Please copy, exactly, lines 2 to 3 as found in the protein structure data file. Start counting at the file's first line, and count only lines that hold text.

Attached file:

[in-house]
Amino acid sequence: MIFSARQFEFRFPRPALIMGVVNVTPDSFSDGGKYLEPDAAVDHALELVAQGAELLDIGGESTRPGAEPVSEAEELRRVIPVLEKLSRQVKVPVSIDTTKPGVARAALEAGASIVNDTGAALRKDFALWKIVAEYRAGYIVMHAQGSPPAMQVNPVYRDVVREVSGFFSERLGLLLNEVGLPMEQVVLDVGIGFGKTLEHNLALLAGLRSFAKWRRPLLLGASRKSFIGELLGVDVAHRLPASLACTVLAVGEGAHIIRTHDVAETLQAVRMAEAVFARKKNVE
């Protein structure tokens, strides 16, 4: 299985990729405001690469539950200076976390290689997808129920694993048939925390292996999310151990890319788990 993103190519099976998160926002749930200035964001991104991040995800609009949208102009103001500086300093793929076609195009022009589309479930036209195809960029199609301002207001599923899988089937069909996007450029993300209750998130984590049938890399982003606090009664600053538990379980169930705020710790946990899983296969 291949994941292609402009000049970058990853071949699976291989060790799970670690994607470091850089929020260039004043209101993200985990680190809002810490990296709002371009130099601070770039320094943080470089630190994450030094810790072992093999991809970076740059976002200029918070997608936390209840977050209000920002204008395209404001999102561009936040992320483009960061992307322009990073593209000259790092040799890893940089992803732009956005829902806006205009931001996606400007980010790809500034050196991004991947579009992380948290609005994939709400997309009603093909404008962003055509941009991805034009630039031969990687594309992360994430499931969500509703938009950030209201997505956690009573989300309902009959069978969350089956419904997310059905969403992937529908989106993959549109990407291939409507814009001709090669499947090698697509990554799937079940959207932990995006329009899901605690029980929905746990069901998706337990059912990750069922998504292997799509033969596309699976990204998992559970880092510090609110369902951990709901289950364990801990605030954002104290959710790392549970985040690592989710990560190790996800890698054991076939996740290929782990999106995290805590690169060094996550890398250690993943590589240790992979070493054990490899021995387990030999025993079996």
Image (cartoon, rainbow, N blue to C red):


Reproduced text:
Amino acid sequence: MIFSARQFEFRFPRPALIMGVVNVTPDSFSDGGKYLEPDAAVDHALELVAQGAELLDIGGESTRPGAEPVSEAEELRRVIPVLEKLSRQVKVPVSIDTTKPGVARAALEAGASIVNDTGAALRKDFALWKIVAEYRAGYIVMHAQGSPPAMQVNPVYRDVVREVSGFFSERLGLLLNEVGLPMEQVVLDVGIGFGKTLEHNLALLAGLRSFAKWRRPLLLGASRKSFIGELLGVDVAHRLPASLACTVLAVGEGAHIIRTHDVAETLQAVRMAEAVFARKKNVE
């Protein structure tokens, strides 16, 4: 299985990729405001690469539950200076976390290689997808129920694993048939925390292996999310151990890319788990 993103190519099976998160926002749930200035964001991104991040995800609009949208102009103001500086300093793929076609195009022009589309479930036209195809960029199609301002207001599923899988089937069909996007450029993300209750998130984590049938890399982003606090009664600053538990379980169930705020710790946990899983296969 291949994941292609402009000049970058990853071949699976291989060790799970670690994607470091850089929020260039004043209101993200985990680190809002810490990296709002371009130099601070770039320094943080470089630190994450030094810790072992093999991809970076740059976002200029918070997608936390209840977050209000920002204008395209404001999102561009936040992320483009960061992307322009990073593209000259790092040799890893940089992803732009956005829902806006205009931001996606400007980010790809500034050196991004991947579009992380948290609005994939709400997309009603093909404008962003055509941009991805034009630039031969990687594309992360994430499931969500509703938009950030209201997505956690009573989300309902009959069978969350089956419904997310059905969403992937529908989106993959549109990407291939409507814009001709090669499947090698697509990554799937079940959207932990995006329009899901605690029980929905746990069901998706337990059912990750069922998504292997799509033969596309699976990204998992559970880092510090609110369902951990709901289950364990801990605030954002104290959710790392549970985040690592989710990560190790996800890698054991076939996740290929782990999106995290805590690169060094996550890398250690993943590589240790992979070493054990490899021995387990030999025993079996």